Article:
1. Go get ice cream (I don’t think we’ve ever had a parent-child date the didn’t include ice cream to date.)
  2. Go on a special shopping outing that is wrapped up in something you will do together
  3. Explore a cave
  4. Go out for pizza
  5. See a movie together
  6. Play at a park
  7. Go to an arcade
  8. Race go-karts
  9. Mini-golf
  10. Go hiking
  11. Attend a special event in your area
  12. Take Old Time Photos together
  13. Go to a trampoline park
  14. Get your nails done
  15. Go to the batting cages
  16. Coffee (and hot chocolate) date
  17. Go on a fun local tour (we toured our state capital together!)
  18. Go ice skating
  19. Walk around and explore your downtown
  20. Swimming pool or indoor waterpark

More Parent-Child Date Ideas from Around the Web

General Kid Date Ideas:

20 Awesome Date Night Ideas with Kids via Simple Kierste

12 Great Ideas for Parent-Child Date Night via Military Shoppers

6 Ideas for Date Night with Your Child via Social Moms

25 Seriously Fun Kid “Date” Ideas via Life as Mom

Mother-Son Date Ideas:

25 Mom and Son Date Ideas via Frugal Fanatic

60 Fun Date Ideas for Mom & Son via The Mommy Mix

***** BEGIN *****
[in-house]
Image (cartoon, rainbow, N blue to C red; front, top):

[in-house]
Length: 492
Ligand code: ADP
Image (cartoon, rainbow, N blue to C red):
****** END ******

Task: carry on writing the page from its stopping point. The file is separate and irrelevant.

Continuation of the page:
Father-Daughter Date Ideas:

15 Awesome Father-Daughter Dates via Seaside Sundays

Mother-Daughter Date Ideas:

Over 20 Mother Daughter Date Night Ideas via The Cents’Able Shoppin

20 Things to Do with a Teenage Daughter via The Hillary Leonard

Father-Son Date Ideas:

27 Ideas for Father and Son Bonding via Mommy Making Memories


Looking for more ways to be intentional?

Check out my 90 Date Night Questions for Christian Married Couples printable!

The Bibles we have in our homes and hold in our hands are nothing less than divinely-inspired, accurate revelations of God.

Every story, every poem, every historic event, law and prophetic word join together to paint one picture of the God who set the world in motion and orchestrated this present reality. The people described in this book are real, and so their actions are both good and bad. But through their lives and God’s involvement with them, we get to know Him more.

He’s the God who knows us fully and longs for us to know Him in return.

John 17:3, Jesus prays: